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Robert G. Nixon Oral History Interview, October 23, 1970

Oral History Interview with
Robert G. Nixon

News correspondent with the International News Service, 1930-58; served as editor of the service for a time. He first came to Washington, D.C., in 1938 where he served as their State Department and foreign relations correspondent. He was a war correspondent, attached to the British army in France and Belgium, 1940, during invasion of the low countries; evacuated from Dunkirk but later returned to France; evacuated with remnants of the British army from Brest, June 20, 1940; covered London Blitz, 1940-41; war correspondent, attached to United States forces in European theater of operations, 1942-1943; correspondent in Northern Ireland, United Kingdom, and Mediterranean theater, participating in North African invasion and campaign. Covered Casablanca conference, 1943; Quebec conference, 1944; and Potsdam, 1945. Washington correspondent covering the White House beginning in 1944.

Bethesda, Maryland
October 23, 1970
By Jerry N. Hess

[Notices and Restrictions | Interview Transcript | Additional Nixon Oral History Transcripts]


Notice
This is a transcript of a tape-recorded interview conducted for the Harry S. Truman Library. A draft of this transcript was edited by the interviewee but only minor emendations were made; therefore, the reader should remember that this is essentially a transcript of the spoken, rather than the written word.

Numbers appearing in square brackets (ex. [45]) within the transcript indicate the pagination in the original, hardcopy version of the oral history interview.

RESTRICTIONS
This oral history transcript may be read, quoted from, cited, and reproduced for purposes of research. It may not be published in full except by permission of the Harry S. Truman Library.

Opened December, 1978
Harry S. Truman Library
Independence, Missouri

[Top of the Page | Notices and Restrictions | Interview Transcript | Additional Nixon Oral History Transcripts]

 



Oral History Interview with
Robert G. Nixon

Bethesda, Maryland
October 23, 1970
By Jerry N. Hess

[404]

HESS: To begin this morning, sir, let's discuss the change in the site of the press conferences from Mr. Truman's Oval Office to the Indian Treaty Room.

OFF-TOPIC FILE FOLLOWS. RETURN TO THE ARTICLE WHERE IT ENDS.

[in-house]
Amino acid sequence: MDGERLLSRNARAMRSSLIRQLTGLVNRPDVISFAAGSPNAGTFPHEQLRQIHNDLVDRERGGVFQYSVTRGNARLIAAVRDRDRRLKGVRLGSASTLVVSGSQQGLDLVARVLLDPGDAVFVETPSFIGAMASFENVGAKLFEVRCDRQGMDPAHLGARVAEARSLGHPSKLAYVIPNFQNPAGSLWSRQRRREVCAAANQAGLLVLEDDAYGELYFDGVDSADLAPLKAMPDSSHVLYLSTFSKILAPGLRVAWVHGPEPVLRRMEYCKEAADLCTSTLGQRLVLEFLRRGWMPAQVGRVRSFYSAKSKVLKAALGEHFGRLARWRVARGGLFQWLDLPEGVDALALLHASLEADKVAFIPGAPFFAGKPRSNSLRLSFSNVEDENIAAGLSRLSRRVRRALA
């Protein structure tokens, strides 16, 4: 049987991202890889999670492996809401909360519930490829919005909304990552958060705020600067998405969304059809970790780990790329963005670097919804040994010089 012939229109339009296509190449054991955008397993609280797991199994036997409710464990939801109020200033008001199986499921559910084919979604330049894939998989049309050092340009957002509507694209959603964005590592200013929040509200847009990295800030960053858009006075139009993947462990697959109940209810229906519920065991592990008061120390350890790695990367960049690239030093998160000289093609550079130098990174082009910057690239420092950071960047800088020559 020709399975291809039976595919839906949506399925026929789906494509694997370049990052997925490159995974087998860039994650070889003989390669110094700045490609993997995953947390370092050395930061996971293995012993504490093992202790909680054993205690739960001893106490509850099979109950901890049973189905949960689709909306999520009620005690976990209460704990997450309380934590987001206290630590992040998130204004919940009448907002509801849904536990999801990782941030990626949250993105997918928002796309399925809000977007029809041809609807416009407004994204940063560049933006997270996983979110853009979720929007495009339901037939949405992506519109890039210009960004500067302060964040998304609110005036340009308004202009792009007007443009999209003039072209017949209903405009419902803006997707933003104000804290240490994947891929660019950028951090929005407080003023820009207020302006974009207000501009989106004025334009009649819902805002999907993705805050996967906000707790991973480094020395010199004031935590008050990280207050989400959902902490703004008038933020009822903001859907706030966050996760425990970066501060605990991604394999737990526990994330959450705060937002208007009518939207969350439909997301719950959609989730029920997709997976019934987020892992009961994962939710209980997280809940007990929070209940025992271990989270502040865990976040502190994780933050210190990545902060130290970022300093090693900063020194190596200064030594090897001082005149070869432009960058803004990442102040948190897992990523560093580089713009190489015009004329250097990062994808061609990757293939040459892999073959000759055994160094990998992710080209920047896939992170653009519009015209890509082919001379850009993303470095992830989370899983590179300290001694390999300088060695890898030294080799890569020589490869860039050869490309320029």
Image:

NIXON: The President's press conferences as an institution grew and underwent changes. Fortunately, these changes were for the better. This was an important means for the Chief Executive to communicate with the entire nation through the newspapers, radio news, and TV, which, as we all know, is a very powerful media because it combines visual as well as auditory impact. The two seem to have a more powerful impact than just the written word.

So, this was an important means of communication, not only by the President to the Nation,

[405]

but by the Nation to the President. How can you run things adequately if you don't know what's going on? The President is able to learn the mood of the country and the interests of the country through the very simple process of the questions that are asked him at a news conference. So, there's an exchange of communication and information.

I say the changes that have been made are for the better, because we haven't always been that fortunate. Instance, again, the very scanty contacts the Presidents had with the news media in earlier years. There was this rather peevish and fretful manner in which Coolidge handled his occasional press contacts, and Hoover's failure to hold a news conference for many months at one of the most critical periods in our history.

[406]

So, changes did come about. We moved over to the Indian Treaty Room in April of 1950.

The Republicans had gotten to the point where they just couldn't stand it anymore. The Democrats had been in power sixteen years. They were doing everything that they possibly could to get back in the White House. It was all on a basis of "all is fair in war and politics."

I think I pointed out that in this free exchange of questions and answers in the President's Oval Office, there was no identification of the questioner at all. You would fight for the privilege of asking the question. By the moment one questioner had been answered by the President, you would chime in just as fast and as loud as you could to ask your question. Invariably, three or four would be doing this same thing at the same time. Things sorted

[407]

themselves out. Usually the pushiest and the loudest would get his question in.

There we would be jammed in this relatively small Oval Room. From here and there in the room a question would pop out. If a correspondent happened to be six feet six, his head would jut up above the others and the President could see who he was, but if you were five feet five, you were buried in the crowd. The only possible means that he had of knowing who was asking the questions was if he was able to see the few in the front of the row that he knew, or if some fellow was six foot six. Sometimes the President was able through long familiarity to recognize the voice.